You’ve probably heard about imposter syndrome. It’s the fear that you don’t deserve to be where you are, that you haven’t really earned the right to be doing what you’re doing, that you’re a fake who is about to exposed at any moment.
Imposter syndrome can be surprisingly common amongst people who outwardly seem extremely successful. It may be obvious to other people why they are where they are. It might be obvious to everybody else that they completely deserve their success, but there’s a little voice inside of them that keeps whispering:
“You’re not good enough, you don’t deserve this, you’re going to get found out”.
Imposter syndrome is certainly something that many creatives are going to have to deal with in the course of their careers, but I think there’s a bigger issue that many of us face when contemplating our creative work. You see, the very nature of imposter syndrome implies that you’ve already achieved something - it’s just that you don’t really believe you deserve it.
But there’s a similar fear or syndrome that many people struggle with before they ever achieve anything. In fact, this syndrome can be so severe that it stops people from succeeding by preventing them from ever creating work in the first place. I call it “Who am I?” syndrome.
In extreme cases “Who am I?” syndrome will paralyze people who have the potential to be artists and stop them from ever producing work in the first place. It is the crippling, debilitating, devastating belief that not only do you not have what it takes to succeed, but that you are so fundamentally incapable that even producing the work is an preposterous, arrogant, self-indulgence that it’s ridiculous to undertake. It manifests itself with a simple question that can stop us dead in our tracks.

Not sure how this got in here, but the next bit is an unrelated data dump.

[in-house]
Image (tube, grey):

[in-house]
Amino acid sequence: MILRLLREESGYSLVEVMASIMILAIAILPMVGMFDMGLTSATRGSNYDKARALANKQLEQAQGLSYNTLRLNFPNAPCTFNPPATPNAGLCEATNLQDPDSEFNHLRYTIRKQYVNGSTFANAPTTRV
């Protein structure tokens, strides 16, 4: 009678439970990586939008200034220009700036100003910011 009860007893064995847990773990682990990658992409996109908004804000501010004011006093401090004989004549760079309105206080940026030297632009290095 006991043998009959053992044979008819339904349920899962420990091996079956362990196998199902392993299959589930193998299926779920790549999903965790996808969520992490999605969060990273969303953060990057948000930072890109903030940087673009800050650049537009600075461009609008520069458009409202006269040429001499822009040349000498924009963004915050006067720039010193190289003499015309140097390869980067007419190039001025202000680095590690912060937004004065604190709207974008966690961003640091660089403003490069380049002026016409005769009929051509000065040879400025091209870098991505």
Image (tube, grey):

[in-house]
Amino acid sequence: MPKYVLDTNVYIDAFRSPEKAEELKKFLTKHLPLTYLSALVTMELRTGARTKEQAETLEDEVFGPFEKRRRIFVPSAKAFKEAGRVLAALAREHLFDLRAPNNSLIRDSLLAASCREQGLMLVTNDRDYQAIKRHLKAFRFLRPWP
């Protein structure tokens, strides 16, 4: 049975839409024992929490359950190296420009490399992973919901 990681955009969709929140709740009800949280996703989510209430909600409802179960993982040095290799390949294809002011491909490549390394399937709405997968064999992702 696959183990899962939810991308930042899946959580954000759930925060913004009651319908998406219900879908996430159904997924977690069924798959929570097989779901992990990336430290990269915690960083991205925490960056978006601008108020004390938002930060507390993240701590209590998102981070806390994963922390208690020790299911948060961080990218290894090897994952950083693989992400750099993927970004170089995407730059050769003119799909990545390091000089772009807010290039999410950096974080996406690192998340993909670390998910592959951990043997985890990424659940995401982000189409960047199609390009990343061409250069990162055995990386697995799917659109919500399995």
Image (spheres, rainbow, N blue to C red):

“Who am I to think that I can do this?”
What makes both imposter syndrome and “Who am I?” syndrome so difficult to overcome is that the thought patterns they create can exist simultaneously alongside other, entirely opposite beliefs and mindsets. Although they obviously contradict one another, it is entirely possible to believe that you’re born to be an artist and at the same time believe that it’s ridiculous for you to even try to make art.
To me “Who am I?”syndrome is much sadder and perhaps more prevalent and pernicious than Imposter Syndrome, because at least those suffering from imposter syndrome are out there in the arena. People suffering from “Who am I?” syndrome rarely even get onto the field. “Who am I?” syndrome creates writers who don’t write, composers who don’t make music, artists who don’t paint and photographers who don’t take pictures. And it’s a tragedy.
I’ve suffered from “Who am I?” syndrome for most of my adult life, and it’s only now that I’m starting to realise something that I think is crucial in overcoming this unfounded, but potentially ruinous belief. What I’m telling myself is this:
Everybody has the right to make art.
Everybody has the right to make art. And what’s more, we don’t need anybody’s permission to do it. Not everybody has the right, or the talent, or the gumption to make a career as an artist, but every single human being on this planet has a right to make art.
It can be bad art, it can be the worst art in the history of the world, it can suck harder than anything in the history of art - in the history of sucking (to paraphrase Kung Fu Panda!), but it is allowed to.
You don’t get to control your talent, you don’t get to decide how the world views your art, you don’t get to know whether you’ve really got what it takes until you actually sit down and do the work - but you don’t need anybody’s permission to do that.
Who are you to make art? You are a human being and that is all the right you need.
I’m trying to remind myself that it may be that I just don’t have what it takes and that it’s a pipedream to imagine that anybody would care what I produce. But none of that matters if I just remind myself that I have the right to make that art - even if it is destined to vanish into obscurity.
We might not have the right to make anybody care, we might not have the right to make any money, we might not have the right to anything other than apathy or derision, but we do have the right to create.
It’s time we exercised that right.
Barry Dallman is a musician, writer and eternal student of the creative process. He is fascinated by the process of personal change and the challenges creative people face in committing to truly meaningful work. He's documenting his own creative struggles in the hopes of inspiring others to pursue what really matters to them.